7. #7
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    Quote Originally Posted by Moniker View Post
    Surprisingly, friends of the shooter's family said that he was vegan "for moral reasons" because he believed it was wrong for animals to suffer a violent death to satisfy a person's appetite. How strange that someone can have such empathy for a helpless animal, yet mercilessly murder innocent children.
    I don't find it that bizarre at all. Any "moral reason" is a detached rule not necessarily based in empathy (which is like "attached emotions/connection") but morals (which are rules that can be detached from emotions and empathy).

    And animals don't necessarily have control/influence in our lives to stymie/frustrate us, whereas people do; they also tend (depending on the animal) to reflect back our own emotions or to offer unconditional love; I remember when my dad was fighting with my mom all the time, instead of working things out with her, he used to just go outside and commiserate with the dog because the dog just liked the attention, etc. He just used the dog to make him happy, because he didn't want to invest in his marriage. There's a range of behavior here that can show up, despite the "unholy triad" of bedwetting, animal killing, and firestarting that has been foisted on the public as the major signs of a psychopath in development.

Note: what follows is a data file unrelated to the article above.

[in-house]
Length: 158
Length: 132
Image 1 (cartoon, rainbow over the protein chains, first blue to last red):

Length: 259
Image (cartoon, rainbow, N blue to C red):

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  8. #8
    failure to thrive AphroditeGoneAwry's Avatar
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    For some reason, those extreme villains, have no motivation to instill a check on their behavior, but find pleasure (their only pleasure?) in unleashing it an any way that makes sense to them. Trying to understand their rationale will never work, because their rationale is irrational, based upon whatever they have to work with from their dysfunctional lives. If they are not insane when they commit their first acts of cruelty, they probably will be once they've let go of themselves and exercise no restraint whatsoever.
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    Do not resist an evil person, but to him who strikes you on the one cheek, offer also the other. ~Matthew 5:39

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  9. #9